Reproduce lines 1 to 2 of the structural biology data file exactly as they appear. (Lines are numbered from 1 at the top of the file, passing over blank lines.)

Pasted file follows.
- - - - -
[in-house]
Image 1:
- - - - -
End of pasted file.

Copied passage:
[in-house]
Image 1: